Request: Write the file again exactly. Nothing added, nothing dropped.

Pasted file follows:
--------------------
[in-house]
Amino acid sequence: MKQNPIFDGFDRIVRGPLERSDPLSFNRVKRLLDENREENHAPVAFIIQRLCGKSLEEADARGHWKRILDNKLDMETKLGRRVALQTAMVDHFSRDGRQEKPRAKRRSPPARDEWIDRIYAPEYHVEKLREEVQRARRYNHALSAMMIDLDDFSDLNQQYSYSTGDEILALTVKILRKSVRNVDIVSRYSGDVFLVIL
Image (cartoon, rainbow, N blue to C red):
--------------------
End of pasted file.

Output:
[in-house]
Amino acid sequence: MKQNPIFDGFDRIVRGPLERSDPLSFNRVKRLLDENREENHAPVAFIIQRLCGKSLEEADARGHWKRILDNKLDMETKLGRRVALQTAMVDHFSRDGRQEKPRAKRRSPPARDEWIDRIYAPEYHVEKLREEVQRARRYNHALSAMMIDLDDFSDLNQQYSYSTGDEILALTVKILRKSVRNVDIVSRYSGDVFLVIL
Image (cartoon, rainbow, N blue to C red):